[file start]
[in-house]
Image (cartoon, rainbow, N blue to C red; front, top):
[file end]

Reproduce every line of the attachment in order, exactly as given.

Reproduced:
[in-house]
Image (cartoon, rainbow, N blue to C red; front, top):